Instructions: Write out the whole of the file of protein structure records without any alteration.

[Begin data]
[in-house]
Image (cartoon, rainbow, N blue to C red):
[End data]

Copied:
[in-house]
Image (cartoon, rainbow, N blue to C red):